More volunteers join all-women civilian protection unit in Mindanao

ALABEL, Sarangani (MindaNews/3 March) – Another all-women contingent, mostly peace advocates, joined the Sarangani unit of the Civilian Protection Component of the International Monitoring Team (IMT) after the government and the Moro Islamic Liberation Front (MILF) resumed this year their formal negotiations.

Two full time CPC personnel, along with ten other women part-time volunteers, were sworn on Monday into their new task at monitoring civilian protection and respect of places of worship and social congregation in Sarangani, whose western coastal provinces were affected in the previous outbreak of armed hostilities.

The Sarangani unit of the CPC was the third to be installed with such independent monitoring unit on the part of the Mindanao People’s Caucus (MPC), one of four non-government organizations that were granted the authority by the IMT to compose a civilian monitoring unit.

The MPC earlier installed the CPC unit in Aleosan, North Cotabato in October and in the two Lanao provinces in November last year.

Analisa Ugay, MPC CPC coordinator, said that only Sultan Kudarat and Davao Oriental remained as the areas with no CPC unit so far. Armed clashes between government troops and MILF rebels have occurred in some parts of these provinces.

She said the MPC would still identify and validate the towns in the two provinces but assured that they have a long list of volunteers to compose two more CPCs for these areas. She said that they would do it within the next three months.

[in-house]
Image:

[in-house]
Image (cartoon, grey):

It would be the IMT which would finally select the CPC members from those selected and endorsed by the MPC.

The IMT has authorized only four NGOs to help compose the CPCs in all the conflict affected areas in Mindanao: the MPC; Non-Violent Peace Force (NVPF) based in Brussels, Belgium; the Member Organizations of Government Officials and Professionals (MOGOP), and the Mindanao Human Rights Action Center (MHRAC).

The NVPF would field its own CPCs in the conflict areas, the MOGOP in the two Lanao provinces and the MHRAC in all towns with Moro communities affected by the conflict in Mindanao. Only the MPC has composed an all-women CPC.

Maasim Mayor Jose Zamorro said that the CPC “and any monitoring team would be a great help in my area”. He said that the western part of his town has been the scene of destructive gunbattle in 2008 when government soldiers engaged a unit of the MILF.

That year, several big armed units of the MILF under three field commanders broke out from their positions either to attack government positions or defend themselves from government attacks, according to the MILF.

The government accused the three field commanders, however, of initiating the armed attacks and targeted the civilian communities in Lanao del Norte, Lanao del Sur and in Sarangani. Government filed criminal charges and demanded from the MILF to punish them.

Mary Ann Arnado, executive director of the MPC, said that the 2008 outbreak of hostilities were “your concrete experience of the lack of civilian protection component in the peace negotiations”.

The creation of the CPC came out as the demand of the affected villagers, but most notably expressed by the evacuees, whose number reached more than 600,000, a figure larger than any of the flashpoints of internal armed conflicts in many African, Central Asian and Middle Eastern countries.

The role of the CPCs were displayed in tarpaulin posters inside the gymnasium of the Sarangani Provincial government center here where the MPC and the provincial government launched the provincial unit of the MPC’s CPC.

These were to monitor the following: safety and security of civilians in conflict areas; acts of violations against civilians in conflict areas; respect by both government and MILF of the places of worship, such as mosques and churches, and religious places and social institutions, including schools, madaris (plural of the Arabic language school madrasah), hospitals and all places of civilian nature; strengthen linkages and information sharing between the IMT and peace panels; the needs of internally displaced persons, or evacuees; and strengthen ownership of the peace process by supporting and empowering communities to handle the conflicts at the grassroots level. (MindaNews)